Why Do the Exorcist Steps Exist in the First Place?

Photo by BKL.

Tonight the city is honoring the special place that the so called “Exorcist Steps” have in the city’s history and designating them a “significant location”. The author of the original book, the director of the film and a host of other dignitaries will be on hand to mark the occasion. But it got GM wondering, how did such an odd set of stairs come about in the first place?

After digging a bunch, GM only came up with partial answers, unfortunately.

Unsurprisingly the stairs were built in conjunction with the adjacent Car Barn. The Car Barn was built in 1895 by the Capital Traction Company, which was actually running a cable car system at the time (that’s why some of the building’s decorations have flywheels on them). There’s an interesting article in the Washington Post from December 1894 profiling the elderly famous author Mrs. E.D.E.N. Southworth who lived in a cottage perched next door on Prospect. Here it is after she passed away when it became a bit of a tourist trap:

The Post noted that

The Union Station at the end of M street, in Georgetown, where the Great Falls railroad will join the Georgetown road will be built on the property just east of Mrs. Southworth’s historic home. Already the great grove of trees in front of it is cut down and the excavation has commenced, which will leave it sixty feet “above ground”. The dynamite blasts shake it to its foundation. In a little while the bare brick walls of the station will cut off most of the fine view in this direction, which has partly given it its name. But there is still the great stretch of the Potomac south and the hills beyond. “Prospect Cottage” can never have its outlook here taken away while it stands.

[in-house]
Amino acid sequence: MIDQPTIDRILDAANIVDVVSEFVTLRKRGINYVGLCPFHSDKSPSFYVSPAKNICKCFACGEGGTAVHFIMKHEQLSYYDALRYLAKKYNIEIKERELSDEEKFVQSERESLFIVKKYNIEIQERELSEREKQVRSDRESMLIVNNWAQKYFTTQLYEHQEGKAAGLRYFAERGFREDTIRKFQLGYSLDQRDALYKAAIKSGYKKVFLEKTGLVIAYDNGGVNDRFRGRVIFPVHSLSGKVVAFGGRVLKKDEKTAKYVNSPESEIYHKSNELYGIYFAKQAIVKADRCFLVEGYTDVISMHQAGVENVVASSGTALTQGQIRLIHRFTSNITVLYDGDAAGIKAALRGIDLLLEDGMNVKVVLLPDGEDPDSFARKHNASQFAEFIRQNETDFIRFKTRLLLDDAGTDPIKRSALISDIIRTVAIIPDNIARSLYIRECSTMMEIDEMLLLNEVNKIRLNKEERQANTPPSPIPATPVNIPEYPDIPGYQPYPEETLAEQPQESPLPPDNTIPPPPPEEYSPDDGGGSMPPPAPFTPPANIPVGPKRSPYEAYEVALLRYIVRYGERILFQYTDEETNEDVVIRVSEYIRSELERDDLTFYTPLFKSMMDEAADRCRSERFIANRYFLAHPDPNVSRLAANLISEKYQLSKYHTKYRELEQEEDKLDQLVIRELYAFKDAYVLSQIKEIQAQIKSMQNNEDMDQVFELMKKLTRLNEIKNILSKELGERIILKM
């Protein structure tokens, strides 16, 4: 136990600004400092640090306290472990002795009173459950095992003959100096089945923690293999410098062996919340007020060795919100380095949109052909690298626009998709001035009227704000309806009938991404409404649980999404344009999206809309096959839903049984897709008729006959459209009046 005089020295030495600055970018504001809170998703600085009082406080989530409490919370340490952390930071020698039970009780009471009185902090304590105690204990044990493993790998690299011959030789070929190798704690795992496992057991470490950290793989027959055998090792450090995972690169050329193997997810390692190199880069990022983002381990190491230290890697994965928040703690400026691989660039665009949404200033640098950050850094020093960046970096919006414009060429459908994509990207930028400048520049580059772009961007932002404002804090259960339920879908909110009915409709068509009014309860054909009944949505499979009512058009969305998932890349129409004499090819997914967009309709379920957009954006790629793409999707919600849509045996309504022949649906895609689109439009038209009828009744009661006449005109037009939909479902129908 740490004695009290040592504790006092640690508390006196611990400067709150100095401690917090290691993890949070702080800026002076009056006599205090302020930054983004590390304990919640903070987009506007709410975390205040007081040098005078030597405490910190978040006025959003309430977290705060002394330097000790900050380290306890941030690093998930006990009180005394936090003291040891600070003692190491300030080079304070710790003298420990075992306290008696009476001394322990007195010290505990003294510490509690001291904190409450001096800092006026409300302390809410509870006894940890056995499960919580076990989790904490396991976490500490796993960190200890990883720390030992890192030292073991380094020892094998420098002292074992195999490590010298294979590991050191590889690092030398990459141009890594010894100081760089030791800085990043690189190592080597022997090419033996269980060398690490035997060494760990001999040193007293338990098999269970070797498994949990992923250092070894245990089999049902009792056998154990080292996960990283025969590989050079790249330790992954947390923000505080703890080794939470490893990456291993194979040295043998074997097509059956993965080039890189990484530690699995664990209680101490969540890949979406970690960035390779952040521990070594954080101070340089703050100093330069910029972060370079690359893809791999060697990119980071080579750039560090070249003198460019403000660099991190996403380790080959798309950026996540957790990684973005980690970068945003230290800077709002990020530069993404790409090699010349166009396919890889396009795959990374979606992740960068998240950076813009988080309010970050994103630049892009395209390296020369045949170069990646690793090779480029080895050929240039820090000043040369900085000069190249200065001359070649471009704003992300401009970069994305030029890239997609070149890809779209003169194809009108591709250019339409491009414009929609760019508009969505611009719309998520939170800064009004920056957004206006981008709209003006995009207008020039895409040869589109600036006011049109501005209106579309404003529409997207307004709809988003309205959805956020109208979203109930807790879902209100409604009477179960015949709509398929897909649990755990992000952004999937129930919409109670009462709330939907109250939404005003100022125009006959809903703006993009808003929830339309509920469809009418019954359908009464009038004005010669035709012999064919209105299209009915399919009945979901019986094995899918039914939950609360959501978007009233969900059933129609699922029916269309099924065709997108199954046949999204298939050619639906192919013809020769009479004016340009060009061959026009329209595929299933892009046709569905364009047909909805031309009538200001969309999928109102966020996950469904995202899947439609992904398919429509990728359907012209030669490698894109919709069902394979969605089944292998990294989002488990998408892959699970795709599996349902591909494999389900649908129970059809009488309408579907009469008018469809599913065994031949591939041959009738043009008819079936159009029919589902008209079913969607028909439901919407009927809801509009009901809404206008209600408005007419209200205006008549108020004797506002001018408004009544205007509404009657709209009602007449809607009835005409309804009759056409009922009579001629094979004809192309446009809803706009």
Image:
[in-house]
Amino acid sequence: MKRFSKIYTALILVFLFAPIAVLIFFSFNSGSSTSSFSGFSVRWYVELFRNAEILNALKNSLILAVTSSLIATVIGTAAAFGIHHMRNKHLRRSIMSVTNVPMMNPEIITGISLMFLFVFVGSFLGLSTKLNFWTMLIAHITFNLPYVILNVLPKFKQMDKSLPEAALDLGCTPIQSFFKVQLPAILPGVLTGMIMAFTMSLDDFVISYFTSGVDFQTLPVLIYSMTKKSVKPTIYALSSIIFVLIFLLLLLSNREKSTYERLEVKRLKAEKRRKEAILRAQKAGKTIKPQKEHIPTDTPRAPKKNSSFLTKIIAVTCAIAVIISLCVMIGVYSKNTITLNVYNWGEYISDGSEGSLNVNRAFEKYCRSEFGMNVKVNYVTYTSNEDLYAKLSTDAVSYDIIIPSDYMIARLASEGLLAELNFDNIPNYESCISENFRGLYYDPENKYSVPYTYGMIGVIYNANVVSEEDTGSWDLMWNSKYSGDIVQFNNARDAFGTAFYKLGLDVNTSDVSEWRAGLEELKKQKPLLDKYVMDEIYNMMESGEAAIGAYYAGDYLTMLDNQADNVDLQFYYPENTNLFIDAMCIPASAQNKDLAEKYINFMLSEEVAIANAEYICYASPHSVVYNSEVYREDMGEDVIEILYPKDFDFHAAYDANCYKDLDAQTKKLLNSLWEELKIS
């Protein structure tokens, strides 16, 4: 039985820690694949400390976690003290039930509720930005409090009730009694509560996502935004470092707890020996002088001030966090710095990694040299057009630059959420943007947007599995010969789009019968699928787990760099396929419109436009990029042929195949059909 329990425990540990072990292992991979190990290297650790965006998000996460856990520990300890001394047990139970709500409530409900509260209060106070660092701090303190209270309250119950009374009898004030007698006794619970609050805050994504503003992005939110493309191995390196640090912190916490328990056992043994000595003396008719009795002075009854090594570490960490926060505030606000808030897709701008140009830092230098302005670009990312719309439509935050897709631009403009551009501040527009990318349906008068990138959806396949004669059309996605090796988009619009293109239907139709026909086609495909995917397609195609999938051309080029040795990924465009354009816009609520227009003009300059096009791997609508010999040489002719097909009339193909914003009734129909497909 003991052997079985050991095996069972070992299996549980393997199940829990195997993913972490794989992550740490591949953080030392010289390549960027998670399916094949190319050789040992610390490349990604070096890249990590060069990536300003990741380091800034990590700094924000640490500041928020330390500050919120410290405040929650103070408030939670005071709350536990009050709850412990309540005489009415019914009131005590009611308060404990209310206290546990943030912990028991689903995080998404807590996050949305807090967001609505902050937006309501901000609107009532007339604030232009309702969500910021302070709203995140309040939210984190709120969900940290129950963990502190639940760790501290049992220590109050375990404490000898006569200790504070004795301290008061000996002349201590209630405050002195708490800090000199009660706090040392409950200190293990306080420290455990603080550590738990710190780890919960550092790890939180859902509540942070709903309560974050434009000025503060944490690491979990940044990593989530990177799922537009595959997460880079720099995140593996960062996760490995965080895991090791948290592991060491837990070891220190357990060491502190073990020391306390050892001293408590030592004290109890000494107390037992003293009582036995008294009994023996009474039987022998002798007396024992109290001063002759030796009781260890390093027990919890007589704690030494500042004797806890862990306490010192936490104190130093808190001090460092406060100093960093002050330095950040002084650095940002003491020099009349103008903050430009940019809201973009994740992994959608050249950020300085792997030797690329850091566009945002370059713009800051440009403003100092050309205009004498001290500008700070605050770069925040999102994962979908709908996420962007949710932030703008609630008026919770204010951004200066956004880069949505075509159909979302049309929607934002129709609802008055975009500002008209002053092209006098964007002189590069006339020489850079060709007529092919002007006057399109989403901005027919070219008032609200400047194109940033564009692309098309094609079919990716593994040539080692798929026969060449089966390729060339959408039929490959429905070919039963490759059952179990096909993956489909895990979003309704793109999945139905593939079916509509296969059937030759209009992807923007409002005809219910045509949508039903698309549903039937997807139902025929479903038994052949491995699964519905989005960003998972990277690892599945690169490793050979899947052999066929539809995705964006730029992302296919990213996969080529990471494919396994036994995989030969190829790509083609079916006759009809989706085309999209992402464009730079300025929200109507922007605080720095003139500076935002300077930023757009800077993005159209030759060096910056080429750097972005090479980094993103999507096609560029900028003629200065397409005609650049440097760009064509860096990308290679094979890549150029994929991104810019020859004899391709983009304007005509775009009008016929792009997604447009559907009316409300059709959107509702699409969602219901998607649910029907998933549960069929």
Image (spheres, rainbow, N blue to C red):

The cottage was demolished in 1942. In 1950 a new townhouse was constructed in its place. That is the Exorcist house:

Prior to the construction of the station, there was essentially a steep rocky hillside running from Prospect down to M St. From old maps it looks like 36th st. flowed over this steep hill much like 35th still does today (this is from 1874 when 36th was still called Lingan St.):

Screen Shot 2015-10-29 at 10.09.48 PM

But in order to fit the large streetecar station, Capital Traction essentially had to dig into the the side of the hill and level the ground. Here are a couple photos from the construction. You can see how the excavation created the cliff we’re now familiar with:

 


Unfortunately neither of those photos shows the stairway.

After construction, the form we’re familiar with today was already present (north is to the right):

Screen Shot 2015-10-29 at 10.15.34 PM

The “stone steps” and the stone retaining wall are there. Frustratingly, GM could find no mention in the Post archives about why they decided to construct such unusual steps. There was not a particularly huge need for them. Just as now, there is 35th St. just steps away that gets you to M St. just as well.

Later, a shed was constructed at the bottom of the steps:

Screen Shot 2015-10-29 at 10.20.10 PM

The first use of the term “Exorcist Steps” by the Post came on May 26, 1978 in an article by Patricia Hass describing her starting a jogging routine.